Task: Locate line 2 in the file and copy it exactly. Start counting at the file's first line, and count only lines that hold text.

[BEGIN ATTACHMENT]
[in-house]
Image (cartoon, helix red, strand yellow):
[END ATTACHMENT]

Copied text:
Image (cartoon, helix red, strand yellow):